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In my Analysis course we showed that the harmonic series diverged but the alternating harmonic series converges. This got me thinking:

How many sequences $(a_n)$ where $|a_n|=1/n$ are there such that $\sum a_n$ converges?

There are quite clearly at least countably many (modify the sign of the $n$th term of the alternating series and we still have convergence), so my question is really whether there are uncountably many such sequences. I should think so but I am failing to find a good reason.

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We can freely change signs on the terms of the shape $\frac{1}{2^k}$ without affecting convergence. So there are continuum-many such sequences.

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  • $\begingroup$ Thanks, that is a clever observation. $\endgroup$ – Sonk Nov 4 '15 at 3:54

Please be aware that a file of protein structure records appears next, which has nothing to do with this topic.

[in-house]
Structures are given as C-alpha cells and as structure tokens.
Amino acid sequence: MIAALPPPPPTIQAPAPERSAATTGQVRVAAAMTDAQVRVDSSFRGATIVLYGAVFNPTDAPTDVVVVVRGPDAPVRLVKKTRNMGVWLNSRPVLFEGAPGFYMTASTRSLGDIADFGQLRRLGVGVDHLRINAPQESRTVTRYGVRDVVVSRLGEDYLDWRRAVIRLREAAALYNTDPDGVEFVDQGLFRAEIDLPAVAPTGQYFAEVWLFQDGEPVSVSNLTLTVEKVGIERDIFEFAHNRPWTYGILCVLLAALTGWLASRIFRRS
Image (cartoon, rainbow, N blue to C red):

• $\begingroup$ You are welcome. $\endgroup$ – André Nicolas Nov 4 '15 at 3:56
  • $\begingroup$ Out of interest can something like this always be done given a conditionally convergent series $\sum a_n?$ i.e. can we always find a subsequence $(x_n)$ of $(a_n)$ (in this case $x_n=2^{-n}$) such that $\sum x_n$ is absolutely convergent? $\endgroup$ – Sonk Nov 4 '15 at 3:59
  • $\begingroup$ Yes, because if the series $\sum a_n$ converges, then the terms have limit $0$. So we can find an $n_1$ such that $|a_{n_1}|\lt \frac{1}{2}$. And then we can find an $n_2\gt n_1$ such that $|a_{n_2}|\lt \frac{1}{2^2}$. And then we can find an $n_3$ such that $\dots$. $\endgroup$ – André Nicolas Nov 4 '15 at 4:06

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